Such collaborations create very powerful cross-cultural experiences, which are mutually enriching.

For our exhibition, This Side of Paradise, at the Andrew Freedman Home in the Bronx,  we collaborated with the Bronx Museum, The Point, Wave Hill, Lehman College and on and on. Each organization was offered a bedroom unit in the former retirement home to showcase an artist or a project that would enable them to showcase their work to the thousands of visitors who came to see the exhibition. From the collaborative nature of that project, the Bronx Arts Alliance was formed so that each organization could amplify their presence in the Bronx and beyond. No Longer Empty is still a member of that!

The notion of partnership in itself is very, very strong. At one of our previous sites, The Broadway Housing’s new building Sugar Hill, where we were invited to do an exhibition to introduce the building and its mission to the community, we have had continuous engagement and have just finished our stewardship of their 2017 artist in residency program with artist Derek Fordjour.

Creating safe platforms through the arts for community dialogue is essential to us and it is not something traditional museums yet do well even though artists who work in social practice are beginning to make headway there. But it takes time and deep sensitivity to the host communities to get this right. The museum that has done this really well is the Queens Museum who was the first such institution to create a position for community engagement. We are partnering with them next Spring to mount a city wide exhibition of conceptual artist, Mel Chin which will fill the museum and then spread out over the city with projects and commissions in Times Square, subway stations and other sites still in discussion.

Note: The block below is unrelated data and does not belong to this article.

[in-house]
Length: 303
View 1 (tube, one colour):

I think scale is a harder issue from a funding point of view because, particularly in New York, so much is tied to social status.  I was at the Guggenheim for many years and I could literally walk into the room and get $25,000, just like that. Just the name the Guggenheim opened the door, whereas with a smaller organization like No Longer Empty, funders really have to really believe in the mission and the funding is obviously a lot smaller. But we take paying our artists, speakers and educators according to W.A.G.E guidelines, which is something that even larger museums don’t do.

The majority of our funding comes from foundations, city agencies, our board and individual giving. Three years ago we had our first benefit and that’s been a relatively successful source of operating support. Because we are nomadic and don’t have to raise funds to support a building, we can be a lot leaner and do more with less something that is much harder for institutions with large buildings and staff to maintain.

Admission to our exhibitions and our programmes is always free, which is an essential part of who we are, because accessibility is at the heart of our mission and that has to be financial as well as intellectual.


No Longer Empty champions the power of art to unlock creative potential and cultivate imaginative responses to the aspirations and priorities of local communities seeking justice.


Sited in distinctly urban settings, No Longer Empty (NLE) activates engagement with art and social issues through site-responsive exhibitions and community-centered educational programs throughout New York City and beyond.

 Image: New York, Fall 2016. Photograph by Amanda Roderick